Willy: When I first went to CKPR in Thunder Bay, Ont., the idea was to team me up with somebody. Certain people thought I was there to take their jobs, so almost to a man, everybody treated me with ill will -- except for Larry, who couldn't have cared less. Within the first few minutes of meeting him, we were joking around. I had worked the first three days on-air with a guy who certainly didn't enjoy working with me and was doing everything he could to sabotage what was going on. The program director called me in and told me that the guy had been fired and I would now be working with Larry. I can't explain it. We just get along and we've lasted longer than I've had friends who have gotten together and been married and divorced. To this day, if we go to a corporate function or a barbecue or whatever, there could be 3,000 people there, and Larry is the guy I'll spend most of my time with. It's not like I don't see him enough -- that's just how we are.
Radio has changed a lot over the years. How has it changed for better or worse?
Willy: So many channels are starved for content -- so anything is acceptable. People with really mediocre talent or no talent get jobs because there is such a void to fill. Also, multiple licensing ownership, which sounds like a good idea from a business level, but what that leads to is three big guys who own everything and they don't care about any of the little monkeys they have at our level.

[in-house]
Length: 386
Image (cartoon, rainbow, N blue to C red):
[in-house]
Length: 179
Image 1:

Larry: One of the huge benefits for radio in the last while is the success of JACK, which has let every other station in Vancouver widen their playlists. It's given people a much better variety of music to listen to.
In all the time you've put into a working relationship, have your personal relationships ever suffered?
Willy: I've got a five-year-old son and a two-year-old son and a 16-year-old daughter. For a long time, my responsibility was the show and three or four nights a week, Larry and I would be out until one or two in the morning and two or three hours later would be back on the air again. The amount of time we spent then didn't matter to me because I only had a girlfriend. It's only now that I recognize that Larry -- who had a home life with a daughter and a son -- had to suffer.